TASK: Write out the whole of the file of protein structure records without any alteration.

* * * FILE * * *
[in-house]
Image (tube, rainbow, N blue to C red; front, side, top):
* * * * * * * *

[in-house]
Image (tube, rainbow, N blue to C red; front, side, top):